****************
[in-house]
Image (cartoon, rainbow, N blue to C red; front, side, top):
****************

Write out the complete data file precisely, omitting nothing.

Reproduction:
[in-house]
Image (cartoon, rainbow, N blue to C red; front, side, top):